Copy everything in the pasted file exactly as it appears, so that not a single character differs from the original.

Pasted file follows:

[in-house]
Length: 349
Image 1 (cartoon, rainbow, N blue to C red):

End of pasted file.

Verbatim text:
[in-house]
Length: 349
Image 1 (cartoon, rainbow, N blue to C red):